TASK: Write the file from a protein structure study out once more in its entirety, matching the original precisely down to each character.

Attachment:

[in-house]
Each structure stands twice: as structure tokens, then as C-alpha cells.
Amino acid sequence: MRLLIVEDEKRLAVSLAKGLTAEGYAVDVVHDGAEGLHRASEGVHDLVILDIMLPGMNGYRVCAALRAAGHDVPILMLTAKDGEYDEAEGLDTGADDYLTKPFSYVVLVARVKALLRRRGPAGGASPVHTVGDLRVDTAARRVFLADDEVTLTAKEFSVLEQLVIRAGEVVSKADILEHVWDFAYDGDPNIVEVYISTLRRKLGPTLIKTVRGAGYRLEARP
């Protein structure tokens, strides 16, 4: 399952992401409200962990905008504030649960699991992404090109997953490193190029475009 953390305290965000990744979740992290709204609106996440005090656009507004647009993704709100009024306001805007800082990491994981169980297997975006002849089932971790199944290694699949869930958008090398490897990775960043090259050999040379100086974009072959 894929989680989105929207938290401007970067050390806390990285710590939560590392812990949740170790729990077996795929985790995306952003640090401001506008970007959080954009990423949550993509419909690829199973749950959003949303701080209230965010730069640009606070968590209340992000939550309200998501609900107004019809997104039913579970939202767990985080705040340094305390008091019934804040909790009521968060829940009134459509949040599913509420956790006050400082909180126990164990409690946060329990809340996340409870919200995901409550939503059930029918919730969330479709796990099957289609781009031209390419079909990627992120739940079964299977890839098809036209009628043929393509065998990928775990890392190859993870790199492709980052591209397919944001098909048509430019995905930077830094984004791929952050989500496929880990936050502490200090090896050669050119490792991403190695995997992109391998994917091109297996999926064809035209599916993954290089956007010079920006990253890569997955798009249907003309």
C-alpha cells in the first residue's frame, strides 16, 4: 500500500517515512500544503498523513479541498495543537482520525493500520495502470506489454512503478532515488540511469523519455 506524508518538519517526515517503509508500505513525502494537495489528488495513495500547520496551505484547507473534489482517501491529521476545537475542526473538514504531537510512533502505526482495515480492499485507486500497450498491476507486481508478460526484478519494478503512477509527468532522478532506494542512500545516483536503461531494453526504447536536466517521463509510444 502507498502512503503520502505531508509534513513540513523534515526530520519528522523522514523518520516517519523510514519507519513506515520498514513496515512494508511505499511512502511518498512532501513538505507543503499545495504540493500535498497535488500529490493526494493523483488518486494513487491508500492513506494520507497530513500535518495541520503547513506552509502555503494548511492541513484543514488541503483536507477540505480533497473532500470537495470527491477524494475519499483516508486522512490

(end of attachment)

[in-house]
Each structure stands twice: as structure tokens, then as C-alpha cells.
Amino acid sequence: MRLLIVEDEKRLAVSLAKGLTAEGYAVDVVHDGAEGLHRASEGVHDLVILDIMLPGMNGYRVCAALRAAGHDVPILMLTAKDGEYDEAEGLDTGADDYLTKPFSYVVLVARVKALLRRRGPAGGASPVHTVGDLRVDTAARRVFLADDEVTLTAKEFSVLEQLVIRAGEVVSKADILEHVWDFAYDGDPNIVEVYISTLRRKLGPTLIKTVRGAGYRLEARP
């Protein structure tokens, strides 16, 4: 399952992401409200962990905008504030649960699991992404090109997953490193190029475009 953390305290965000990744979740992290709204609106996440005090656009507004647009993704709100009024306001805007800082990491994981169980297997975006002849089932971790199944290694699949869930958008090398490897990775960043090259050999040379100086974009072959 894929989680989105929207938290401007970067050390806390990285710590939560590392812990949740170790729990077996795929985790995306952003640090401001506008970007959080954009990423949550993509419909690829199973749950959003949303701080209230965010730069640009606070968590209340992000939550309200998501609900107004019809997104039913579970939202767990985080705040340094305390008091019934804040909790009521968060829940009134459509949040599913509420956790006050400082909180126990164990409690946060329990809340996340409870919200995901409550939503059930029918919730969330479709796990099957289609781009031209390419079909990627992120739940079964299977890839098809036209009628043929393509065998990928775990890392190859993870790199492709980052591209397919944001098909048509430019995905930077830094984004791929952050989500496929880990936050502490200090090896050669050119490792991403190695995997992109391998994917091109297996999926064809035209599916993954290089956007010079920006990253890569997955798009249907003309």
C-alpha cells in the first residue's frame, strides 16, 4: 500500500517515512500544503498523513479541498495543537482520525493500520495502470506489454512503478532515488540511469523519455 506524508518538519517526515517503509508500505513525502494537495489528488495513495500547520496551505484547507473534489482517501491529521476545537475542526473538514504531537510512533502505526482495515480492499485507486500497450498491476507486481508478460526484478519494478503512477509527468532522478532506494542512500545516483536503461531494453526504447536536466517521463509510444 502507498502512503503520502505531508509534513513540513523534515526530520519528522523522514523518520516517519523510514519507519513506515520498514513496515512494508511505499511512502511518498512532501513538505507543503499545495504540493500535498497535488500529490493526494493523483488518486494513487491508500492513506494520507497530513500535518495541520503547513506552509502555503494548511492541513484543514488541503483536507477540505480533497473532500470537495470527491477524494475519499483516508486522512490